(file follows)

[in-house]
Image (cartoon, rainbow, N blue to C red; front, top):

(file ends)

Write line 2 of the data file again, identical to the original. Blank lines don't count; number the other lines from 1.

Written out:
Image (cartoon, rainbow, N blue to C red; front, top):